A family turns 'The Corner'

THE BALTIMORE SUN

HBO's The Corner is landmark television -- a film that will stun those who haven't seen it, a social document that future generations will study for its remarkable sociology. I can think of no modern-day miniseries more worthy of being preserved, and that's why it's especially nice that HBO is now offering it on DVD.

The Corner turns the TV police drama on its head, showing us the world from the point of view of the very people that series like NYPD Blue and even Homicide: Life on the Street have helped teach us to despise -- the denizens of the drug world in cities like Baltimore. And it does so with an eloquence that will make some viewers care about that world in ways they never thought possible.

Make sure to start your viewing on the first episode with the segment titled "Gary's World"; that's where the HBO film, which is based on the non-fiction book of the same title by David Simon and former police detective Edward Burns, begins. Reminiscent of an Edward R. Murrow documentary, the opening shows Charles Dutton, who directed the miniseries, standing on a bombed-out Baltimore street corner speaking directly to the camera.

"I'm Charles S. Dutton. Last summer, I came back here to Baltimore, Md., to film a story about life on the corner," he begins.

"I grew up and hung out on a corner just like this one, not too far from here, a corner like thousands of others across the country," continues Dutton, whose personal journey from jail (the Maryland State Penitentiary for killing a man in a fight) to Yale (graduate study at the Yale School of Drama), and then Broadway to Hollywood has been chronicled many times in these pages.

The opening moves from documentary to docudrama as we meet Gary McCullough, played with an exquisite vulnerability by T.K. Carter (A Rage in Harlem), one of the three people at the center of the film. In the hellish cauldron of death and drugs at the corner of Monroe and Fayette, 34-year-old McCullough is the character most like us -- the mainly middle-class audience that subscribes to HBO.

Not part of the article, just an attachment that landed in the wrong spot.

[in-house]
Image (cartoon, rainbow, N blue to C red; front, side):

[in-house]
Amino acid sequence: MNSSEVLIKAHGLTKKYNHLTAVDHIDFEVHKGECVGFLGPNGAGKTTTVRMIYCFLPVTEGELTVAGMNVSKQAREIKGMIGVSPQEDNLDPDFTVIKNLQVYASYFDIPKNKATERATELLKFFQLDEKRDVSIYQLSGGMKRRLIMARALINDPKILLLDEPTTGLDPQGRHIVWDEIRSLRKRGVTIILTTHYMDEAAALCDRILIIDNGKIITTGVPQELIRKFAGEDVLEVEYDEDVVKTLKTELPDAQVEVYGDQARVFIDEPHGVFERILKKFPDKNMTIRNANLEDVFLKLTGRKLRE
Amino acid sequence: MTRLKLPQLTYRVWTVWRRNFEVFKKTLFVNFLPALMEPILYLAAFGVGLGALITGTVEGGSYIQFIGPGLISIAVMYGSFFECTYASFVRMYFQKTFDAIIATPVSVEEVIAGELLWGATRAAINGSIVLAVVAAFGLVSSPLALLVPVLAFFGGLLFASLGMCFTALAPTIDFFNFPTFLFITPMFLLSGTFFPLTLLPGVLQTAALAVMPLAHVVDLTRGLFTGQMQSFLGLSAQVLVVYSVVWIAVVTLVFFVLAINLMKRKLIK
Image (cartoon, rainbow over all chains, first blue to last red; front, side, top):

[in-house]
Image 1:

Before his addiction to heroin, which started four years earlier, McCullough was a hardworking solid citizen and promising young entrepreneur holding down a day job as a supervisor at Bethlehem Steel and a night job as a security guard. He also had his own small company that rehabbed rowhouses, as well as a stock portfolio that he had managed to run up to $150,000 through a series of smart choices.

McCullough is an intelligent, decent and sensitive man whom you could easily imagine running a legitimate business instead of chasing an increasingly elusive heroin high seven days a week. But he's going down, down, down as we meet him, and his lingering sense of decency only makes him that much less likely to survive on the corner.

The other two major stories in the series belong to Fran Boyd, McCullough's estranged wife, and DeAndre McCullough, their 15-year-old son. Boyd, played by Khandi Alexander (ER), is also a junkie. DeAndre, played by Sean Nelson (The Wood), is an up-and-coming "corner boy," out on the street selling vials of cocaine and learning the game from a supplier named Bugsy. He's also acquiring a taste for what he sells.

With its focus on these three, The Corner is very much a family drama. But that is just one of several familiar television narratives it ultimately subverts; this isn't The Waltons. America had never seen this kind of family on TV before.

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